A Metropolitan Police officer filmed kneeling on the neck of a black man just weeks after the murder of George Floyd in the US should “reflect” on his actions, according to a watchdog.
An inquiry into the incident by the Independent Office for Police Conduct (IOPC) said that no evidence was found to suggest the member of the public was treated differently due to his race.
However, the probe did find the officer in question had a case to answer as his use of force may have been unnecessary and excessive.
Footage of the Met constable kneeling on the neck of a 48-year-old man was shared on social media following the incident on 16 July 2020 in Islington, north London.
The suspect could be heard in the footage shouting “get off my neck”, as he was detained on a pavement.
It came just weeks after Derek Chauvin, a Minneapolis police officer, murdered George Floyd by kneeling on his neck for almost 10 minutes on 25 May, sparking protests around the world.
One of the officers involved in the London incident was questioned under criminal caution on suspicion of common assault.
The Crown Prosecution Service (CPS) decided to take no further action, even after the 48-year-old appealed the decision.
An investigation was launched by the IOPC watchdog into the decision to stop and search the man, the level of force used and if he was treated differently due to his race.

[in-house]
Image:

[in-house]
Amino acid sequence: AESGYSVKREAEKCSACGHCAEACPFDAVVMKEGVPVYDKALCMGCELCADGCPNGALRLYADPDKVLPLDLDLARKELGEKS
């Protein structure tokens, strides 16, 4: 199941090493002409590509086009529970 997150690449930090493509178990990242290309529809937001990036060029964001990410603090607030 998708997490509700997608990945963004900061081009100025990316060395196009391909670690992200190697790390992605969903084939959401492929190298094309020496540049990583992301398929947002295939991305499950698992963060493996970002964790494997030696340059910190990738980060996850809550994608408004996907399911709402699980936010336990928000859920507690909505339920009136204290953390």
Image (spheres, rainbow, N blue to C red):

The inquiry found the man was stopped as his clothes matched the description of a suspect involved in an incident which saw a white man beaten up by two black men on Isledon Road in Islington.
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The officer attempted to handcuff the man in order to search him for weapons, the IOPC said.
The investigation said the constable should “reflect and learn from the incident to prevent any issues identified from reoccurring” after he was found to have a case to answer for using excessive force.
The probe found the officer also had a misconduct case to answer concerning “authority, respect and courtesy” for the way he spoke to the man and nearby members of the public.
It was again said this could be dealt with through reflective practices.
IOPC investigators found no evidence the stopped man was treated differently because of his race, and that he was stopped because he matched the description of someone suspected of assault.
There was no evidence the second officer breached professional standards of behaviour.
IOPC regional director Sal Naseem said: “This was a thorough and detailed investigation of an incident that attracted considerable concern at the time because of a video going viral on social media.
“Stop and search is an intrusive and contentious police power which must always be used reasonably, proportionately and, where possible, should be intelligence-led.”
He added: “Following our investigation, we now understand the whole picture and on this occasion we found that officers had initiated the stop and search appropriately, based on the information they had been provided with.
“However, one of the officers may have used more force than necessary and his communication with the suspect and members of the public nearby may have been inappropriate.
“In these circumstances the officer will now work with their supervisor to reflect, learn and improve from what occurred, to prevent this from happening again.”